Merged & Decimated vs Separate & Full. Undet ToolBox Philosophy

Merged & Decimated vs Separate & Full. Undet ToolBox Philosophy

Hello everyone! I hope you had great Easters, relaxing Worker’s day, lovely Mother’s day and other holidays that appeared around the globe in the past weeks. I didn’t post anything during this period and that’s thanks to you! After the last post regarding our beta release of the new Undet ToolBox version we received lots of request for beta trial evaluation. So all of the time I’ve been providing one on one live demos to all of you and I really appreciate your interest, spent time and received feedback on our software.

I know I promised to post some recorded videos regarding each of the new functionalities of the 2nd release and I’ll do it very soon! But during this marathon of online demos I came up with an idea to prepare a post which should clarify many uncertainties that appeared during our discussions. I named it ‘Undet ToolBox Philosophy’. My goal of this post is to clearly express the way creators of the software think, focus their developments and how can you benefit from it in your point cloud processing workflows. And believe me, you sure will.


In the past years 3D laser scanners improved dramatically both technologically and in terms of prices. If the old ones time-of-flight based scanners seven years ago captured something like thousands of points/sec and the phase based ones something like hundreds of thousands of points/sec, so now time-of-flight based scanners capture 10 times more and the phased based scanners reached million points/sec. As the market ‘Mercedes’ such like Riegl or Z+F kept sustaining their innovations and forced to move and improve rest of the players, Faro came in with a disruptive innovation of several time lover price of Focus 3D scanner, making this technology more available for masses.

But what about software? Have the desktop applications for point cloud processing improved as much as laser scanners? Let’s say you spent one day in the field scanning your object with a fancy hardware which captures 1million points/sec, spent one more day for adjustment and registration. If your final deliverable is 2D documentation or 3D model you’d probably transfer your point cloud into CAD. And here is the annoying part – you know that CAD will struggle dealing with all this huge and rich data, so what you usually do? Let me answer this, you decimate your point cloud to half of the points or even less to increase CAD performance and merge your scanning positions to make your point cloud more manageable. So here is my open question:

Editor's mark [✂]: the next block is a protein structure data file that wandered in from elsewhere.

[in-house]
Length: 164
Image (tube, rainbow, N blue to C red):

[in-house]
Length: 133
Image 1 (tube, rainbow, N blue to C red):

Do you use only half or even less of your fancy scanner abilities?

It would be really interesting to know your thoughts regarding this. I hope we can make some discussion so do not hesitate to drop down your comments over here. Anyway, let’s move further and take a look to some Pros and Cons regarding Merged & Decimated vs Separate & Full point cloud.

+ As already mentioned, merged and decimated point cloud is lighter, which increases your CAD performance and makes your point cloud more manageable.

– But if scanner captures millions at a time and later you decimate point cloud, you end up in losing information of details and unclear geometry of small objects.

– You already have initial scanning error + adjustment error and if you merge decimated point clouds some captured elements might disappear at all or duplicate. In such case you lose ability to check if this is an adjustment error or a real as built geometry.